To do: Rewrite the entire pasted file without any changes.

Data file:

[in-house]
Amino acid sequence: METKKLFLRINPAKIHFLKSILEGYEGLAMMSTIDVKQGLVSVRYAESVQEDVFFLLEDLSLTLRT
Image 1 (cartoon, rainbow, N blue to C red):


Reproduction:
[in-house]
Amino acid sequence: METKKLFLRINPAKIHFLKSILEGYEGLAMMSTIDVKQGLVSVRYAESVQEDVFFLLEDLSLTLRT
Image 1 (cartoon, rainbow, N blue to C red):